For anyone that is interested, there is an article in Scientific American this month on Chlamydia. I don't know if the UK and US versions are different, or not.

I am sure I do have a relatively low bacterial load. Having said that, it is quite uncomfortable, so I feel for those of you who had a more obvious toxic reaction!
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Postby Anecdote » Mon May 09, 2005 7:57 am

I wasn't sure if the time difference was 5 or 8 hours! And I'm not so good with centimeters, meters, or any of that...I was of the age, that they taught us all metrics in school, quite aggressively, because the USA would be switching, soon...(1970s)...but it never happened!


Well, I was assuming you lived on the east coast! :wink:

We also were taught metrics at school a few years before you, but it never has happened properly here. Some things are, some things aren't: very confusing. So I tend to think in metric, but that confuses a lot of my friends, who went back to the old ways as soon as they left school.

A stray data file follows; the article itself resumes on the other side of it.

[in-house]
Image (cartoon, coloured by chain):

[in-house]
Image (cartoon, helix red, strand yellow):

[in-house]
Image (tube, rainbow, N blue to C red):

The Scientific American article, on line at least, appears to be just about 'the other' chlamydia, but I only had a quick look.

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Postby Daunted » Mon Jun 06, 2005 1:40 pm

I am adding nifedipine 30mg to my regimen; it supposedly helps in driving CPn out of the cryptic form, and may block some endotoxin-related unpleasantness.

I was previously taking Benicar, but that was $150 a month; nifedipine (Procardia) is about $50 a month.

See the article, below:

http://www.ncbi.nlm.nih.gov/entrez/quer ... t=Abstract

Macrophage L-type Ca2+ channel antagonists alter Chlamydia pneumoniae MOMP and HSP-60 mRNA gene expression, and improve antibiotic susceptibility.

Azenabor AA, Chaudhry AU, Yang S.

Department of Health Sciences, University of Wisconsin, Milwaukee, WI 53211, USA. aazenabo@uwm.edu